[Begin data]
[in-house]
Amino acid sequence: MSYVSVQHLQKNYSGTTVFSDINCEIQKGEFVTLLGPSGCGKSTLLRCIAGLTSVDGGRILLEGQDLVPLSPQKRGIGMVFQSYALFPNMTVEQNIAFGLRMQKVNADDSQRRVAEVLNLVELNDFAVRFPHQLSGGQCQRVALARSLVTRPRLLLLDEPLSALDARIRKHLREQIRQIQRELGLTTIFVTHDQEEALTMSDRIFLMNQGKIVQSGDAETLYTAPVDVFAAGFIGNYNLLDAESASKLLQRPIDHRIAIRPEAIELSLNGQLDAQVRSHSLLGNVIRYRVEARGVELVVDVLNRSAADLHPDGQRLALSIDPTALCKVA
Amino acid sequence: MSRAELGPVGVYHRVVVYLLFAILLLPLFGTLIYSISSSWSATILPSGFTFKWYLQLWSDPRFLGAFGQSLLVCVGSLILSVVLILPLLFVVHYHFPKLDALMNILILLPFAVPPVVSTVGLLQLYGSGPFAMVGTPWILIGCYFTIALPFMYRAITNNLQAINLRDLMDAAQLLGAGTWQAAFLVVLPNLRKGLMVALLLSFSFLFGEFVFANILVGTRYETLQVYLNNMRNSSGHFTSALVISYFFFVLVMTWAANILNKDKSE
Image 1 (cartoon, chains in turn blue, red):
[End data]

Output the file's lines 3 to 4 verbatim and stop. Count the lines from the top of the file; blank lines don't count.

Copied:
Amino acid sequence: MSRAELGPVGVYHRVVVYLLFAILLLPLFGTLIYSISSSWSATILPSGFTFKWYLQLWSDPRFLGAFGQSLLVCVGSLILSVVLILPLLFVVHYHFPKLDALMNILILLPFAVPPVVSTVGLLQLYGSGPFAMVGTPWILIGCYFTIALPFMYRAITNNLQAINLRDLMDAAQLLGAGTWQAAFLVVLPNLRKGLMVALLLSFSFLFGEFVFANILVGTRYETLQVYLNNMRNSSGHFTSALVISYFFFVLVMTWAANILNKDKSE
Image 1 (cartoon, chains in turn blue, red):